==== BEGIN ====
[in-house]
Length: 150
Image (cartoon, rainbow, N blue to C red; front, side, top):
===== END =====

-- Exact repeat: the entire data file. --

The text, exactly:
[in-house]
Length: 150
Image (cartoon, rainbow, N blue to C red; front, side, top):